New York, NY (December 27, 2018) — In the largest population genomics investigation to date, a team of researchers at the Icahn School of Medicine at Mount Sinai, Stanford University, and the University of Colorado have discovered that kidney disease risk variants of the gene APOL1, previously known to affect African and African American populations, are also found at appreciable frequencies in Caribbean and Latin American populations. Because these populations are historically under-studied and under-tested in connection with APOL1, the gene’s impact on these populations is currently unknown. The findings were described in a publication released today in The New England Journal of Medicine.
Risk variants in the APOL1 gene were first discovered in African Americans. Consequently, much of the research studies and clinical trials that followed have been heavily focused on self-reported African or African American populations. Knowing this, researchers in the study decided to link genetic and demographic data spanning more than 110 populations, leading to the discovery of APOL1 risk variants in other populations who share ancestry from Africa, such as those who are Hispanic or Latino.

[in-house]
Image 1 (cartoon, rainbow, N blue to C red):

“This finding is crucial in early detection of at-risk individuals who may not be indicated for genetic screening due to self-reporting of ethnic origins, but may still be at high risk due to the presence of APOL1 risk variants,” said Girish Nadkarni, MD, Assistant Professor of Medicine (Nephrology) at the Icahn School of Medicine and first author of the study. “It is important to more fully understand the global distribution of these variants based on country of origin and genetic ancestry rather than self-reported race/ethnic group.”
Knowing that the APOL1 risk is present in these populations could help physicians tailor treatment more closely to their needs, an example of the approach known as precision medicine. The team’s data also provides a centralized resource to help the medical community better understand at-risk kidney disease populations worldwide.
“APOL1 is the poster child for precision medicine, as the risk variants have a large impact on lifetime risk for not only kidney disease, but also early onset hypertension and cardiovascular disease,” said Eimear Kenny, PhD, Associate Professor of Genetics and Genomic Sciences at the Icahn School of Medicine at Mount Sinai, Director of the Center for Genomic Health, and senior author of the publication. “Here at Mount Sinai, we are leading national efforts to learn about the impact of APOL1 risk variants in routine clinical settings, and the gene is currently under intense scrutiny as a therapeutic target and across diverse populations.”
This study is supported by grants from the National Human Genome Research Institute and the National Heart, Lung, and Blood Institute.
N Engl J Med 2018; 379:2571-2572.